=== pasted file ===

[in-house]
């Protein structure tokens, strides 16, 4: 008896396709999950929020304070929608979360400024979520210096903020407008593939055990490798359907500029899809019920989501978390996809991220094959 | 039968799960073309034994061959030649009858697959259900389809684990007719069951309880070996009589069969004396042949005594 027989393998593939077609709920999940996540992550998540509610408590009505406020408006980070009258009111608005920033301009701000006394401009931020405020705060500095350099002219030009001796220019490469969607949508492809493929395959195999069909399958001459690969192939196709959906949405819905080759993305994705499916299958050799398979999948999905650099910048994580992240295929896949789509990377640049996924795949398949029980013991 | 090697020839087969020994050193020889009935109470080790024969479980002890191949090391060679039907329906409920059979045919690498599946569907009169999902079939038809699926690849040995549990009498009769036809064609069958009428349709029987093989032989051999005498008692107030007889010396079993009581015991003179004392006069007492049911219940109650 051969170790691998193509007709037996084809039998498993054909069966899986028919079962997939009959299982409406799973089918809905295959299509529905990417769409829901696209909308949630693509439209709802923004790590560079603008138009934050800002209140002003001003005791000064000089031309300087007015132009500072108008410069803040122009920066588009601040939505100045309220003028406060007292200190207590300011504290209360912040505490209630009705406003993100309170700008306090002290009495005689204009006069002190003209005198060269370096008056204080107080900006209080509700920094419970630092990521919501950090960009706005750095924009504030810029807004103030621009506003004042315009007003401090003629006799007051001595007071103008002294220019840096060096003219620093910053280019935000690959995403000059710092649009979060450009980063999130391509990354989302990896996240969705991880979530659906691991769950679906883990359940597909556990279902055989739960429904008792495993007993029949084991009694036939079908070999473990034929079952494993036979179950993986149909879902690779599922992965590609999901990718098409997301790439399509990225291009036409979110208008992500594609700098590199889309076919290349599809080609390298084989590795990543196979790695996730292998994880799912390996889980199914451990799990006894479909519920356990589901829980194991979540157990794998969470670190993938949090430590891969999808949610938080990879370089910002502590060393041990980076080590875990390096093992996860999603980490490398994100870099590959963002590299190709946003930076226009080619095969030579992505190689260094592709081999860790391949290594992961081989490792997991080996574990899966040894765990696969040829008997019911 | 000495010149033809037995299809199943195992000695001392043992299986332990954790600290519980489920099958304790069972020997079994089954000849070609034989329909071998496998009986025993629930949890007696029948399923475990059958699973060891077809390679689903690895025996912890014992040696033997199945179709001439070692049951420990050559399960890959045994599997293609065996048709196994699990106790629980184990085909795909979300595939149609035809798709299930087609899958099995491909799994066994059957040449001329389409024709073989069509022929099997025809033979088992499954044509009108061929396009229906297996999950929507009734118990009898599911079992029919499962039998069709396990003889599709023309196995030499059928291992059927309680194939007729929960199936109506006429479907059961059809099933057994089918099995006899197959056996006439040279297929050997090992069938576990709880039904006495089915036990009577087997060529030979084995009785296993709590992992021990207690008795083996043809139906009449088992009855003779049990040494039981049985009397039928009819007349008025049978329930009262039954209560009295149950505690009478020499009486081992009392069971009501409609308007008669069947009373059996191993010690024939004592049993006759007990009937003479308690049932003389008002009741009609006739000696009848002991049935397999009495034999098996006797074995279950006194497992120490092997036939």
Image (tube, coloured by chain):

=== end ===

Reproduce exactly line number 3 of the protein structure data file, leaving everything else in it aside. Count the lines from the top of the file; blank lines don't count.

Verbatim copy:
Image (tube, coloured by chain):